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Civics and Government


The civics and government standards promote knowledge of the historical foundations and principles of American democracy and emphasize productive civic engagement. Additionally, the standards focus on understanding the unique processes of local, state, and national institutions.

Analyze Civic and Political Institutions

SS-Gov.9-12.13. Evaluate the powers and responsibilities of local, state, tribal, national, and international civic and political institutions, how they interact and the role of government in maintaining order.

SS-Gov.9-12.14. Analyze the role of citizens in the U.S. political system, with attention to the definition of who is a citizen, expansion of that definition over time, and changes in participation over time.

SS-Gov.9-12.15. Analyze the origins of government with attention to the purpose(s) of government, various theories of democracy, rule of law, and alternative models from other nations and groups.

SS-Gov.9-12.16. Evaluate how the U.S. Constitution establishes the Rule of Law, governmental powers and responsibilities, as well as limits to a government.

SS-Gov.9-12.17. Evaluate and explain the relationships among the branches of government, including federalism, separation of powers, the supremacy clause, the necessary and proper clause, judicial review, executive privilege, pocket veto, executive orders, quorum, filibuster, and other related topics.

SS-Gov.9-12.18. Critique the influence of intermediary institutions on government and policy such as, interest groups, political parties, the mass media, campaigns, caucuses, elections, PACs, and local, state, tribal, and international organizations.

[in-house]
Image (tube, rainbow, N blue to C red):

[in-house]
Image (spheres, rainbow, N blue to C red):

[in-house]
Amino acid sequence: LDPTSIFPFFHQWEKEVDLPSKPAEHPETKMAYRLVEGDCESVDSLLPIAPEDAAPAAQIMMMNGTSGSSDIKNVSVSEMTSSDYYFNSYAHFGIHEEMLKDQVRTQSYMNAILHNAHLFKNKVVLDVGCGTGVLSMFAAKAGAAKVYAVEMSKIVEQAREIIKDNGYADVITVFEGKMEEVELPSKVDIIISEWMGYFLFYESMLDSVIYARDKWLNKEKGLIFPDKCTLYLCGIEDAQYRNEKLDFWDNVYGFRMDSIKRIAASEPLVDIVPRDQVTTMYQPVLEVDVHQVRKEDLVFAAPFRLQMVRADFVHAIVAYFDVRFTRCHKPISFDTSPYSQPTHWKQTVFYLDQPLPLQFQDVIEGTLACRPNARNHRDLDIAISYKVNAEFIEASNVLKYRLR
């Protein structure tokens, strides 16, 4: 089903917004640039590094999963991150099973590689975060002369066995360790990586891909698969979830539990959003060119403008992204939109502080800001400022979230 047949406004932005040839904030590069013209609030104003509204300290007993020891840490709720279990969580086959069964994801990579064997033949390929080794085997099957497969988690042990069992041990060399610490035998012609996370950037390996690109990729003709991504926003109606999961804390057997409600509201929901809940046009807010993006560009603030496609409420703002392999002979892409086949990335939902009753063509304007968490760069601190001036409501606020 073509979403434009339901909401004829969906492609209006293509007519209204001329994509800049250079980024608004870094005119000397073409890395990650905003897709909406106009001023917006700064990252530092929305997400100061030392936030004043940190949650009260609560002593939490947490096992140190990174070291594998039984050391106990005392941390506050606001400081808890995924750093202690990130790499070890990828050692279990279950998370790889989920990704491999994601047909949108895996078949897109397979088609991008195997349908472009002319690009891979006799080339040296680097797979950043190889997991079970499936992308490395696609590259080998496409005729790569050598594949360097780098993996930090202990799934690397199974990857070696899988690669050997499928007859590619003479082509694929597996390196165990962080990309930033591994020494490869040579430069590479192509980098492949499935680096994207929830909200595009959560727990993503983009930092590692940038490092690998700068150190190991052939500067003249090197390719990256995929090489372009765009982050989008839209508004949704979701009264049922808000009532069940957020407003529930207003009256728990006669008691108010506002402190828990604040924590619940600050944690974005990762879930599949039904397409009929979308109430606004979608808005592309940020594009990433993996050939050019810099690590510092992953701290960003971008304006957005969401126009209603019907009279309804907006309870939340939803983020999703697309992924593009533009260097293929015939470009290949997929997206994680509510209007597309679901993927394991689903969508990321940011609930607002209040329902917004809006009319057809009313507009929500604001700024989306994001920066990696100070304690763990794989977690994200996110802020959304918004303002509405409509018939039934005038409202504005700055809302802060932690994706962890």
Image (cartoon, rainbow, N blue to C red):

Apply Civic Virtues and Democratic Principles

SS-Gov.9-12.19. Evaluate the effectiveness of political action in changing government and policy, such as voting, debate, contacting officials, campaign contributions, protest, civil disobedience, and any alternative methods to participation.

SS-Gov.9-12.20. Explain the significance of civic values to a well-functioning democracy including concepts such as conviction vs. compromise, majority rule vs. minority rights, state interests vs. individual interests, rights vs. responsibilities, and other related topics.

SS-Gov.9-12.21. Explain the mechanisms of political socialization in American democracy such as the effects of the family, school, community, and media in influencing one’s political decisions.

SS-Gov.9-12.22. Identify and evaluate the contributions of Iowans who have played a role in promoting civic and democratic principles.

Interpret Processes, Rules and Laws

SS-Gov.9-12.23. Evaluate multiple procedures for making governmental decisions at the local, state, national, and international levels.

SS-Gov.9-12.24. Analyze how people use and challenge public policies through formal and informal means with attention to important judicial processes and landmark court cases.

SS-Gov.9-12.25. Evaluate the intended and unintended consequences of the implementation of public policy, specifically looking at the bureaucracy, citizen feedback, public opinion polls, interest groups, media coverage, and other related topics.

SS-Gov.9-12.26. Analyze the historical, contemporary, and emerging patterns of political action and activism including voter demographics, party trends over time, polling data, campaign strategies and trends, and alternative means of participating.

Iowa History

SS-Gov.9-12.27. Compare and contrast the institutions and systems of Iowa government and politics that are unique to the state including but not limited to Iowa’s unique role in presidential selection and in the special status of Meskwaki lands as non-reservation lands.

SS-Gov.9-12.28. Identify local and state issues in Iowa and evaluate formal or informal courses of action used to affect policy.